One final chance arrived for Prior in the final minute but headed over the bar capping what must have been a frustrating night for the skipper who on another day could easily had four or five goals to his name.

McShane was quite rightly named man of the match, not just for the two goals but also popping up in the gaps and space all over the final third to make it harder for Hungerford to pick him up.

The visitors definitely found it hard to keep the ball against a side who moved it around superbly and Barnet will certainly find it tough this coming Saturday, especially with the Bees being bang out of form. Even I wouldn’t bet against Wanderers progressing this weekend although of course I’m firmly on the opposite side…………….

NB This article was written before the Government placed Dorking and Surrey into tier 3 from Saturday and once again unable to admit fans.

Flowers checks in at The Hive

No sooner had the ink dried on the ‘Beadle gone’ blog than the new man was in place at The Hive with chairman Tony Kleanthous wasting no time to trying to repair the mess the club once again finds itself in.

Last weekend I had heard rumours from two different sources and then a third during the week that Tim Flowers was indeed lined up after the Wealdstone game to take over from Peter Beadle. Nothing materialised and Barnet went on to record back to back defeats against Stockport and Chesterfield.

Eight days later Beadle was gone and then speculation amounted to who was the next manager to lead the charge back up to the right end of the table. I had my own preferences, some personal, some from the point of view of what or who I felt was needed.

Flowers himself was on my list of names I expected to be mentioned. A man with a decent career in the Premier League, in fact a winner of said competition at Blackburn Rovers. He did interview in the summer but subsequently not offered the job and pitched up at Macclesfield Town before they succumbed to extinction. So, why wasn’t he appointed those few months ago?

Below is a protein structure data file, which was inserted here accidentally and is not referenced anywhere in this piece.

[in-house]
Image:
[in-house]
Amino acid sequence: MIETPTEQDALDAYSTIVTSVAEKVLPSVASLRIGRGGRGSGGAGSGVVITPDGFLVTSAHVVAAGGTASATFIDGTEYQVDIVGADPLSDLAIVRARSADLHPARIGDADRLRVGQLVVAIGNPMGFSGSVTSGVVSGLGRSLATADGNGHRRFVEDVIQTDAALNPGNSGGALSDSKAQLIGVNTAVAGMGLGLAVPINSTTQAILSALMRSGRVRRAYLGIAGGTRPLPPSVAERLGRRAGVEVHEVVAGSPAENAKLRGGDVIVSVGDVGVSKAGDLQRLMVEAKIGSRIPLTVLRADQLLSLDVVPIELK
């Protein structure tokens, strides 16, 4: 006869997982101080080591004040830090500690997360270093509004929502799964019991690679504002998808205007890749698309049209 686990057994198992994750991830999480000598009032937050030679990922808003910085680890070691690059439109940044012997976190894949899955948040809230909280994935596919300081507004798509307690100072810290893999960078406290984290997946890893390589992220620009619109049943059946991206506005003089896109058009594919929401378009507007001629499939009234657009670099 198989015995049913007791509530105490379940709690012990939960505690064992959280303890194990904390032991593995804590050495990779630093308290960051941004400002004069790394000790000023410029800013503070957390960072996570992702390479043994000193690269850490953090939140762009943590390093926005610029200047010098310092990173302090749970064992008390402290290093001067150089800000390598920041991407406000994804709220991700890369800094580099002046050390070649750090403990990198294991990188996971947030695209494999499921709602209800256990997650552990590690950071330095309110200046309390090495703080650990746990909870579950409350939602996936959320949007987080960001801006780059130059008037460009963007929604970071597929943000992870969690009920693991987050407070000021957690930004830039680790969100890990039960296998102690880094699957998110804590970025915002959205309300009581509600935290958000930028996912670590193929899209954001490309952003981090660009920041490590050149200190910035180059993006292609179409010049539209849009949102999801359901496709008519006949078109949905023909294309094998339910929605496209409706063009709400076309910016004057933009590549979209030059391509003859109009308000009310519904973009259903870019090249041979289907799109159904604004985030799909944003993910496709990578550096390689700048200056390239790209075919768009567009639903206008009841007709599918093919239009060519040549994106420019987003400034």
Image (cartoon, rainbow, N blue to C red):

Many will point to Beadle having been the cheaper option having not managed at this level before, Flowers’ stint at Solihull Moors looked upon as a good grounding albeit with a more than a decent sized budget but his record of winning almost half of his games in charge that is the kind of thing you look very favourably at if he can replicate that for Barnet.

Whilst to an extent you can understand the cautiousness with no income and the on-going saga with the pandemic going for the cheaper option has brought on this scenario before and now as then it’s going to cost far more to rectify the situation than could have been the case with the right appointment back in late August.

If it’s to be believed, Flowers wasn’t the man in reality. During yesterday it was widely expected that Dean Brennan the current Wealdstone manager was signed, sealed, and delivered but it appears that fell through and Flowers became the go to man. How close if at all that was maybe we’ll never know but as always another fun day in the life of being a Barnet fan!

If Flowers is given the budget to build what he had at Solihull then Barnet will become hard to beat, it might not be a pretty game at times with a more direct way of playing than we’ve been used to over the past couple of years.

Whether he believes there is enough quality there remains to be seen over the coming weeks, personally I believe the squad is not good enough to be where we want to be, whether that was down to budget restrictions or a lack of intel when bringing these players in I’m not sure of.

Having listened to the first interview this afternoon, it sounded good, liked what I heard and those that don’t shape up will ship out I have no doubt, certainly going to be playing to strengths in the final third with the pace of Ephron Mason-Clark and Josh Walker when he returns, someone who knows how to unlock JJ Hooper, seems fairly keen on Wes Fonguck.